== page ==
substantial capital needs.
STABILIZING STATE FUNDING: Following several years of cuts, slightly
improved funding in fiscal 2014 should provide a level of stability to
UC's operating budget over the near term. Partly offsetting the steep
decline in funding over the past few years is the university's limited
reliance on the state for operating support and the timely measures
taken by UC's seasoned management team during times of state fiscal
RESOURCE SUFFICIENCY: The 'F1+' rating is based on UC's ability to cover
the maximum potential liquidity demands presented by its variable-rate
debt programs by at least 1.25x from internal resources, including cash
and highly liquid, highly rated investments.
MARGIN IMPROVEMENT: Rating stability is predicated on UC's ability to
stem operating losses, with annual improvement towards returning to a
near-breakeven level of performance. The Stable Outlook assumes that
operating improvement will be evidenced in fiscal 2014, supported by the
implementation of various university initiatives to control expenses and
the state's improved fiscal position.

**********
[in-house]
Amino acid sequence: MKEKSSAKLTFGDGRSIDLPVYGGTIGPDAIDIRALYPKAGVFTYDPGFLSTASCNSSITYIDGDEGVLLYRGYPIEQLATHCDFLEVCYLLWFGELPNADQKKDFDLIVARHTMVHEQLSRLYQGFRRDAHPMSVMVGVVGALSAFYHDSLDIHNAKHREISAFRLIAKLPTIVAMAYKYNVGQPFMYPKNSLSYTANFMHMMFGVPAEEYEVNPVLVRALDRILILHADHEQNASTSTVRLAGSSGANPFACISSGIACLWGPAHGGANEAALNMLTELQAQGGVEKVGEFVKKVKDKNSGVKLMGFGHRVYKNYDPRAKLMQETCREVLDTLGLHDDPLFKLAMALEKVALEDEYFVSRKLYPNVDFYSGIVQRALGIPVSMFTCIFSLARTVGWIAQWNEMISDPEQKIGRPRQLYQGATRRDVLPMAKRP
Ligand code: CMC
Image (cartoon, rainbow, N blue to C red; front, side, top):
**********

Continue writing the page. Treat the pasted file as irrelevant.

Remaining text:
BALANCE SHEET PRESERVATION: Fitch expects UC to maintain balance sheet
liquidity at or near current levels, which is particularly important
given its sizeable future capital needs, portions of which will likely
continue to be debt-financed.
Chartered in 1868, UC is a comprehensive graduate research university
with 10 campuses located in Berkeley, Davis, Irvine, Los Angeles,
Merced, Riverside, San Diego, Santa Barbara, Santa Cruz, and a graduate
campus in San Francisco for health sciences. It also operates five
academic medical centers, four law schools, and a 135,000-acre statewide
agricultural and natural resources division. UC's exceptional reputation
is the basis for its strong demand and selective admissions. Fiscal 2013
enrollment totaled 238,156 students. Applications continue to grow, with
more than 183,000 applicants applying to UC campuses for the fall 2014
term, up almost 5% from the prior fall term. The university's overall
acceptance rate remains fairly selective at about 59% for fiscal 2013.